A modern house or commercial building will have a number of components and utilities in it that allow it to function normally. This ranges from the plumbing and sewage main to the electric components and, of course, the spray foam insulation inside the walls and attic. Newer homeowners may not realize it, but having thin or missing spray foam may cost them a lot of money in the long run on their electric bill, and for good reason. The goods news is that if a house’s spray foam is thin or missing or worn out, spray foam equipment may be bought from spray foam distributors, such as a spray foam gun and ColorWise nozzles, to refill the missing foam. This can be done alone for smaller projects, and larger projects call for a spray foam business to visit the premises and apply a lot of foam safely. How and why should all of this be done?
Spray Foam and the Home
Any proper home will have enough spray foam in it, to help keep the climate control in good shape. A typical American house today spends nearly half of its electricity on the heating and cooling alone, and if this utility is being overworked a lot, then this may rapidly inflate the home’s electric bill. If the insulation is thin or missing, warm air may escape the house in winter, and that overworks the heater to compensate for that constant loss. Similarly, cool air may leak out of the home in summer, straining the air conditioner to keep up with that imbalance. Insulation must be restored in the walls or even in the attic to prevent this from happening, and smaller jobs can be handled alone. Not only that, but a responsible homeowner will also take care of drafty windows or doors too, since they may leak a lot of warm or cool air during winter or summer respectively. Bare windows may also have blinds or drapes fitted on them to block hot sunlight in summer and keep warm air in the house during winter to further keep the climate control secure. Meanwhile, spray foam will handle wall-based insulation.
Spray Foam Work
The interior of a wall may be accessed when the homeowner cuts open an access panel into their drywall, and uses the right fasteners to create a hinged hatch right there on the wall. Such access panels are useful for accessing and inspecting the wall’s interior without having to cut away drywall each time, and this is done for plumbing, electric work, and spray foam. If the foam is thin or missing, then a homeowner may create and use this access panel to spray it in. They may get the right accessories at a hardware store or online, such as a spray foam gun, a respirator and face mask, and ColorWise nozzles for use in cooler weather. Spray foam may suffer in cold weather, so brands such as ColorWise may use dynamic, color-changing nozzles as a messaging system. If the air is too cold for safe spray foam work, the ColorWise nozzle will change color to indicate this. That may save the homeowner the trouble of damaging their spray foam equipment or the foam itself in cold weather. Homeowners in colder states such as Montana or Maine may consider buying a ColorWise nozzle with the rest of their spray foam gear when they are preparing for a home project.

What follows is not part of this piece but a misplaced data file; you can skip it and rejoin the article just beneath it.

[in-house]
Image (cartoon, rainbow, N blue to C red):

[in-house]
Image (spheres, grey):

A homeowner can purchase these items for smaller spray foam jobs, but larger scale jobs call for entire spray foam companies to lend their expertise. This may be done when an office building or a hotel is being built, for example, and a vast amount of spray foam needs to be applied to finish the job. These professionals may have large spray foam rigs sitting atop trailers or in truck beds, and these workers may coat the wall interiors and attic with enough spray foam for years to come. Spray foam work also means that protective gear should be worn, such as respirators, face masks or goggles, or even full body suits. Airborne, wet spray foam chemicals are harmful to the human eyes, skin, and respiratory system, but protective gear can handle this just fine.